LoginCreate an account

     
 
Home Reviews Book Reviews Gorgeous cookbook celebrates Texas’ love affair with beef

Gorgeous cookbook celebrates Texas’ love affair with beef

E-mail Print PDF

When I was growing up, we always had great beef. My step-father kept a few cows on his farm at Coke and took one to the locker plant a couple of times a year.

My parents entertained a lot, and it was my step-father’s responsibility to cook the steaks. Most of the time he grilled them outside, but every now and then, he stayed in the kitchen, using an ancient cast iron skillet to “get a good scald” on the T-bone or rib eye.

Even now, I can taste their rich, full flavor. No A-1 needed. Ever.

I didn’t realize how different a “store bought” steak was until I went off to college and decided to fix steaks for my roommates.

Man. What a revelation. And not in a good way.

Earlier this year, two foodies with Texas roots put their heads together and released “The Big Texas Steakhouse Cookbook,” a beautiful coffee table-sized cookbook containing popular recipes from some of the most famous steakhouses in the Lone Star State.

Helen Thompson served as the managing editor of Domain, Texas Monthly’s lifestyle magazine. She’s also the author of “Dallas Classic Desserts.”

Janice Shay was formerly an award-winning graphic illustrator for Texas Monthly magazine. She is the author of “Charleston Classic Desserts,” “Savannah Classic Desserts” and “Savannah Classic Seafood.” She lives in Savannah, Ga.

Photographer Robert Peacock was responsible for the 125 gorgeous color photographs in the book. Peacock’s photos have been published in Better Homes and Gardens, Southern Living, Coastal Living, Southern Accents and D Home.

Rick Wilson, Echo Publishing’s guru of tasty things, was impressed with the book. He’s a long-time Dutch oven cook, so he knows a thing or two about cooking with cast iron, as recommended in several recipes.

This weekend, Wilson is in charge of the John Chester Dutch Oven Cooking Class for the Hopkins County Historical Society.

“I enjoyed reading through the book,” he said. “It had a lot of interesting ideas and concepts for preparing foods. It’s maybe more in depth than what I would use to prepare everyday dishes, but it’s fun to try the recipes every now and then.”

Thompson and Shay took time from their schedules to answer some questions about this tasty project.


News-Telegram: How did ya’ll decide on a Texas steakhouse cookbook?

Helen Thompson and Janice Shay: Steak is the quintessential Texas dish, and Texas steakhouses set the standard for steakhouses everywhere. We wanted to celebrate our heritage of great beef and wonderful steakhouses.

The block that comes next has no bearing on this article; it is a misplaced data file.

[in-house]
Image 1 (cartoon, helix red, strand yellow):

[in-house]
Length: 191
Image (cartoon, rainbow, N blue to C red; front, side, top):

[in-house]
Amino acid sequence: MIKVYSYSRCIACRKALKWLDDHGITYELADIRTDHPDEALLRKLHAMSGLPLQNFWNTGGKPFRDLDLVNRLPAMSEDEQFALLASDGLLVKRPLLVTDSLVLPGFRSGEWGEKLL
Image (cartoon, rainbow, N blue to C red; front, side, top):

Helen: I had edited the small town restaurants section in Around The State when I was working at Texas Monthly in the 80s and I had visited many of the iconic steakhouses and was fascinated by them. Always wanted to do some kind of picture book so this book combines the best of what I had wanted long ago and my never-ending interest in food.


N-T: And once you decided on the project, how long did it take … and did you test each recipe?

HT and JS: We wrote and produced the book in less than a year. The chefs were all given the responsibility of testing their own recipes.

Some ingredients needed to be cut down to cookbook size from the larger amounts the chefs usually prepare for a restaurant, so the chefs are the best judge as to whether the smaller recipes still match the flavors of the larger batches they usually prepare.


N-T:
Chefs are notoriously stingy with their recipes, especially the signature ones. How did you get them to share? Any funny stories?

HT and JS: We found everyone to be very amenable. With the proliferation of cookbooks, the Food Network, online recipes, etc., chefs realize sharing a recipe is simply good marketing.

That said, some of the big steakhouse chains would not cooperate. We understand it is part of their business structure that they do not share recipes, so we decided not to include the chains in this book, although some make some very fine steaks.


N-T: Your cookbook includes a lot of tips – including a course in Beef 101 with information like “grass-fed beef requires 30 percent less cooking time. Be careful not to overcook.” –  and a brief history of each restaurant. Doing the research for this portion of the book must have been great fun.